A black footballer was unfairly sacked by Gillingham FC after being racially victimised, an employment tribunal has ruled.
Former Barbados international player Mark McCammon, 33, took legal action against the League Two side after being dismissed for alleged misconduct last year.
The 6ft 2in striker told a hearing in Ashford, Kent, that he and other black players at the club were treated differently from white players. McCammon said he was ordered to come into the ground amid "treacherous", snowy driving conditions while some white players were told they were not required.
He also said the club tried to "frustrate him out" by refusing to pay private medical bills to help him regain his fitness following injury.
Instead, he claims he was offered the same operation on the NHS rather than privately, a move he described as "completely out of character" for a Football League club, and that he was fined two weeks' wages when he paid a visit to a private consultant. In contrast, the former Charlton, Swindon, Millwall and Brighton player said, a white team-mate was flown to Dubai for treatment by an eminent physiotherapist at the club's expense.
In a letter sent to the Professional Footballers' Association (PFA) outlining his grievances, McCammon also claimed he was told not to blog while others were permitted to.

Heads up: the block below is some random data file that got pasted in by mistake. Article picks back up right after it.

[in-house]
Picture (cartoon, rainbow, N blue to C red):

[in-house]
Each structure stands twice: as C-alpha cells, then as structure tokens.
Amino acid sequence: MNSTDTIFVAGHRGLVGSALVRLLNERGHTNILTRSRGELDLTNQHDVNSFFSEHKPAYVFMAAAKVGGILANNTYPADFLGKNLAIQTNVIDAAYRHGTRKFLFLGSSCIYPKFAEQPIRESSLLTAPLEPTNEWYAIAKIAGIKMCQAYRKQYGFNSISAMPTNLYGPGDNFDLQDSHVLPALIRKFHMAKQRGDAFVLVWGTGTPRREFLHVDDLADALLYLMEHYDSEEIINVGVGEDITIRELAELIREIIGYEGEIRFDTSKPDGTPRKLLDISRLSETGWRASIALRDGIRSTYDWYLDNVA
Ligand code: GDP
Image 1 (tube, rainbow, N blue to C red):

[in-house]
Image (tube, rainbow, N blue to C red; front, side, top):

Officials at Gillingham said they were "staggered" by the ruling, saying the club had employed thousands of staff of different races and religions.
The club said in a statement: "Today we have received the decision of the Ashford Employment Tribunal which sets out their findings that Mark McCammon was unfairly dismissed and that his dismissal was an act of racial victimisation. We are hugely disappointed, in fact staggered, by this decision. As an organisation we are an equal opportunity employer and do not discriminate against, nor victimise our staff.
"This case is the first of its kind to be brought against the club in its entire history, a history that has seen the club employ many thousands of staff of various race, religion and creed, none of whom have ever felt the need to bring such a claim.
"Given the nature of the case, and the findings, we will discuss the judgment with our lawyers and decide upon the next course of action, whether that be an appeal against the findings, or another form of action, as deemed appropriate. There will be no further comment on the case by the club until the matter has run its full course."